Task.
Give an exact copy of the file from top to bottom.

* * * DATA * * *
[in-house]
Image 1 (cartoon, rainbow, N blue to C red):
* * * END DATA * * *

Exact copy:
[in-house]
Image 1 (cartoon, rainbow, N blue to C red):